Some of the activities that were going on, you had Turkish lorry drivers transporting these things. They didn't know what was in the back of their truck necessarily and they didn't care. As long as they were given a packet, they drove across the border and whatever was on there, they made their stops, they got their signatures, everything was official as far as they were concerned. They never even opened up the back of their trucks because these were all pre-arranged activities. And this is the other part of, I think, the sophistication of what we're talking about here oftentimes, is that the interesting thing about the supply chain here is that it's a very unaware of supply chain. There're only certain choke points, that I would call, in these supply chains, where there are people that have more knowledge and awareness of what's going on then. Any member of it.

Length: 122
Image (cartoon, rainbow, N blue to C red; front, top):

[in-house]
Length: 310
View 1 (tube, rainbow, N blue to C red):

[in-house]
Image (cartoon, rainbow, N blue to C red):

And that may be true actually for other supply chains. Does the truck driver really know what's in the back of his truck other than what's on the bill of lading? But a great case, a really very well-documented. But we could see that involvement as well... And these were in regions obviously ISIS would come and took over and the regime had essentially walked away from. But it was in the interest, actually, of the regime to allow ISIS to have a short amount of success. They came to find that there were actually a cigarettes coming from Syria proper, from regime controlled areas of Syria as well, and cigarettes going from ISIS controlled areas into regime controlled areas. And part of the reason the regime wanted this to happen was because it would allow them to say, "Look at what all this Western meddling has gotten us into. You've got this ISIS thing now, and look at all the bad stuff that they're doing. We're not the bad guys."